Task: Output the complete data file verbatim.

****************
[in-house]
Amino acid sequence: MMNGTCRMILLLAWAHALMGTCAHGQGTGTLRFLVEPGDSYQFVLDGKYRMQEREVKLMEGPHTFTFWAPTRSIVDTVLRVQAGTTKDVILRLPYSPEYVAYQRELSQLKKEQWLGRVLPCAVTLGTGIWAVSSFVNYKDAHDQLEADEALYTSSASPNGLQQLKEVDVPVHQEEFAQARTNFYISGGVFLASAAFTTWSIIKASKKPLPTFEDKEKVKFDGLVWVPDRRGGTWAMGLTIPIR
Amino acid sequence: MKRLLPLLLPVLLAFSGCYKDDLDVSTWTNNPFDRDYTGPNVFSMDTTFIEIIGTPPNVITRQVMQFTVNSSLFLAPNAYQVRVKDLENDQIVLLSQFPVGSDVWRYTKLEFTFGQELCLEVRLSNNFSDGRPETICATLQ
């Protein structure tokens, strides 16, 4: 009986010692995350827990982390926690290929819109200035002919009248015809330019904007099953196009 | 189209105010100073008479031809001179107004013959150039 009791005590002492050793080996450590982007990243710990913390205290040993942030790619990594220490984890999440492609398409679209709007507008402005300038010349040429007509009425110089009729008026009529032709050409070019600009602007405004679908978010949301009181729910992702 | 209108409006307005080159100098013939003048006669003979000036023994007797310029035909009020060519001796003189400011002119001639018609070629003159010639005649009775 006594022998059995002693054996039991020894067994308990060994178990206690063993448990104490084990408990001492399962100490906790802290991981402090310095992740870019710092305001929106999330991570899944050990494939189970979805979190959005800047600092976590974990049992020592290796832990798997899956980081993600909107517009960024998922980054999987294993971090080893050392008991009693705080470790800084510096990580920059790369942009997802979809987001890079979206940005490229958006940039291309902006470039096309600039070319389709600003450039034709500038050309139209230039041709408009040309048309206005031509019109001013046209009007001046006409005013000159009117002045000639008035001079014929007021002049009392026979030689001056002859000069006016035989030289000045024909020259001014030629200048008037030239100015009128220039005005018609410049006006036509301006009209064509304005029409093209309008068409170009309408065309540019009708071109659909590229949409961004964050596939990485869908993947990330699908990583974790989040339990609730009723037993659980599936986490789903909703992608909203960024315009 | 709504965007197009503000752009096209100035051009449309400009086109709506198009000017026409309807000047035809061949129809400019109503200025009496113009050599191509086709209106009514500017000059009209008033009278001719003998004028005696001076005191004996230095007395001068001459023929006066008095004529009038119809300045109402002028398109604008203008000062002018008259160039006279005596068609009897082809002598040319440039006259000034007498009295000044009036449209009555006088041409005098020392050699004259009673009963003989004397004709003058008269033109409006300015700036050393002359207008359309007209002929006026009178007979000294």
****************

[in-house]
Amino acid sequence: MMNGTCRMILLLAWAHALMGTCAHGQGTGTLRFLVEPGDSYQFVLDGKYRMQEREVKLMEGPHTFTFWAPTRSIVDTVLRVQAGTTKDVILRLPYSPEYVAYQRELSQLKKEQWLGRVLPCAVTLGTGIWAVSSFVNYKDAHDQLEADEALYTSSASPNGLQQLKEVDVPVHQEEFAQARTNFYISGGVFLASAAFTTWSIIKASKKPLPTFEDKEKVKFDGLVWVPDRRGGTWAMGLTIPIR
Amino acid sequence: MKRLLPLLLPVLLAFSGCYKDDLDVSTWTNNPFDRDYTGPNVFSMDTTFIEIIGTPPNVITRQVMQFTVNSSLFLAPNAYQVRVKDLENDQIVLLSQFPVGSDVWRYTKLEFTFGQELCLEVRLSNNFSDGRPETICATLQ
């Protein structure tokens, strides 16, 4: 009986010692995350827990982390926690290929819109200035002919009248015809330019904007099953196009 | 189209105010100073008479031809001179107004013959150039 009791005590002492050793080996450590982007990243710990913390205290040993942030790619990594220490984890999440492609398409679209709007507008402005300038010349040429007509009425110089009729008026009529032709050409070019600009602007405004679908978010949301009181729910992702 | 209108409006307005080159100098013939003048006669003979000036023994007797310029035909009020060519001796003189400011002119001639018609070629003159010639005649009775 006594022998059995002693054996039991020894067994308990060994178990206690063993448990104490084990408990001492399962100490906790802290991981402090310095992740870019710092305001929106999330991570899944050990494939189970979805979190959005800047600092976590974990049992020592290796832990798997899956980081993600909107517009960024998922980054999987294993971090080893050392008991009693705080470790800084510096990580920059790369942009997802979809987001890079979206940005490229958006940039291309902006470039096309600039070319389709600003450039034709500038050309139209230039041709408009040309048309206005031509019109001013046209009007001046006409005013000159009117002045000639008035001079014929007021002049009392026979030689001056002859000069006016035989030289000045024909020259001014030629200048008037030239100015009128220039005005018609410049006006036509301006009209064509304005029409093209309008068409170009309408065309540019009708071109659909590229949409961004964050596939990485869908993947990330699908990583974790989040339990609730009723037993659980599936986490789903909703992608909203960024315009 | 709504965007197009503000752009096209100035051009449309400009086109709506198009000017026409309807000047035809061949129809400019109503200025009496113009050599191509086709209106009514500017000059009209008033009278001719003998004028005696001076005191004996230095007395001068001459023929006066008095004529009038119809300045109402002028398109604008203008000062002018008259160039006279005596068609009897082809002598040319440039006259000034007498009295000044009036449209009555006088041409005098020392050699004259009673009963003989004397004709003058008269033109409006300015700036050393002359207008359309007209002929006026009178007979000294």